This application claims priority to European Patent Application No. 08305199.5, filed 26 May 2008, and all the benefits accruing there from under 35 U.S.C. 119, the contents of which in its entirety are herein incorporated by reference.

BACKGROUND OF THE INVENTION

1. Field of the Invention

The present invention is directed to integrated circuits and, in particular, to generating a bandgap voltage.

2. Related Art

Most of the state of the art chips use dedicated circuits that regulate the voltage of the core circuitry. In many instances, these dedicated circuits are designed to create a reference voltage with high precision. The overall objective of designing a precision reference is to achieve high accuracy over all working conditions. These circuits should be made insensitive to external power supply variation, to temperature variation and to process variations. These circuits are designed utilizing bandgap voltage references.

The operation principle of bandgap voltage references is straightforward. The voltage difference between two diodes, often operated at the same current and of different junction areas, is used to generate a proportional to absolute temperature (PTAT) current (Iptat) in a first resistor. This current is used to generate a voltage across a second resistor. This voltage in turn is added to the voltage of one of the diodes (or a third one, in some implementations). The voltage across a diode operated at constant current, or here with a PTAT current, is complementary to absolute temperature (CTAT—reduces with increasing temperature), with approximately −2 mV/K. If the ratio between the first and second resistor is chosen properly, the first order effects of the temperature dependency of the diode and the PTAT current will cancel out. The resulting voltage is about 1.2-1.3 V, depending on the particular technology, and is close to the theoretical bandgap of silicon at 0 K. The remaining voltage change over the operating temperature of typical integrated circuits is on the order of a few millivolts. This temperature dependency has a typical parabolic behavior.

Because the output voltage is by definition fixed around 1.25 V for typical bandgap reference circuits, the minimum operating voltage is about 1.4 V, as in a CMOS circuit at least one drain-source voltage of a FET (field effect transistor) has to be added. Therefore, recent work concentrates on finding alternative solutions, in which for example currents are summed instead of voltages, resulting in a lower theoretical limit for the operating voltage.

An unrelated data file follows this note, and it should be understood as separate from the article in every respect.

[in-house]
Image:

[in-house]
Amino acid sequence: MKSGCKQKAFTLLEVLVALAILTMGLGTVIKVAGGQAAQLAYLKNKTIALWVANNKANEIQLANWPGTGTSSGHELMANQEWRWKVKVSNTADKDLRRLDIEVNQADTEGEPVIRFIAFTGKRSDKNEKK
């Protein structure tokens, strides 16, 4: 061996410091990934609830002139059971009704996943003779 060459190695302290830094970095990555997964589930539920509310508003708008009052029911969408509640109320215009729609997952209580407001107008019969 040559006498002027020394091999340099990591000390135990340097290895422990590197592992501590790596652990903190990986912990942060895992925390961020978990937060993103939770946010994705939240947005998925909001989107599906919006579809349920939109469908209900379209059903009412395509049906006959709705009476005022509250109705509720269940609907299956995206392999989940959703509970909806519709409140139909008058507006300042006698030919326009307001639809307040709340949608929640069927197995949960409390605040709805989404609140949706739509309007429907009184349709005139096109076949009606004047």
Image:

FIG. 1 shows an example of circuit 100 that generates a bandgap reference voltage. The circuit 100 produces a current PTAT current Iptat. Due to the current mirror formed by FETs P3 and P4, the current Iout is roughly equal to Iptat. Of course, by varying the width of P3 and P4 relative to P2, the relationship between Iout and Iptat may be varied. The current Iout develops a voltage, equal to Iout R2 which, when added to the voltage drop across diode D3, provides an output reference voltage Vref with nominally zero temperature coefficient. The reference voltage Vref equals:
V ref =V D3 +I out R 2
Utilizing well known relationships, Iout may be represented as:
I out=(V t .n.ln(r))/R1
where Vt=KT/Q

n=pn-junction diode ideality coefficient

r=area ratio (A2/A1) between diode D2 and D1,

resulting in Vref=VD3+R2(Vt.n.ln(r))/R1)

The supply voltage variations have low impact on bandgap voltage deviation as long as the two voltages Vs1 and Vs2 are equal, which is insured if cascoded current mirror or operational amplifier techniques are used.

Iptat cancels only the first-order term in the polynomial approximation that represents relationship between the diode voltage and temperature. Thus, the Vref(Temp) curve exhibits a negative parabolic shape. By adjusting circuit elements R1, R2, and r, the value of the temperature coefficient (TC) at a given temperature (usually room temperature) can be set to zero.

The process sensitivity of is mainly due to the mismatch of the diodes D1-D3, that have different values depending on the position on the chip or from chip to chip, across a wafer. Several approaches have been used to minimize the impact of process variations on these type of circuits, all of those are associated to achieving the desired value of the Vref by tuning the value of the resistor R2 For example, a laser trimming technique may be used to achieve the desired value of the resistor R2. Depending on the methods used to trim, thin-film resistors can be trimmed to 0.1 percent of value and thick-film resistors to 1.0 percent. Unfortunately the process is slow, and this approach remains expensive.

Another approach has been link fuse trimming in which R2 is split into 2 series resistors, R2′ and R2″. Link fusing trimming is a process of selecting a desired resistance from a series of geometrically increasing resistors which comprise R2″ fused together by thin jumper wires. Connected to each end of a fuse are two probe pads. Through these probe pads, a current is applied to selected fuses and in doing so, blows open the fuse. In this approach, the resistor R2 is typically equal to 10K and could be trimmed by 3%. Therefore, the resistor R2′ may consist of a fixed resistor of 9.7K in series with 5 geometrically increasing resistors (R2″) whose the total resistance is 600 ohm. The unit resistance being 20 ohm, to short circuit this resistor the un-blown fuse must have a resistance lower than 2 ohm, which is not realistic. Furthermore, accuracy concerns arise using this method.

Another approach is the so called “Zener zapping” technique, which consists of using a set of Zener diodes in parallel with a set of series connected resistors. An unwanted resistor is short circuited by blowing the Zener diode. However, precision accuracy poses a problem when using zener diode sets.

In short, each approach to making the typical PTAT current generator circuit shown in FIG. 1 impervious to process variations has significant drawbacks. What is needed, then, is an approach that achieves the goal of the above-described circuits without the same shortcomings.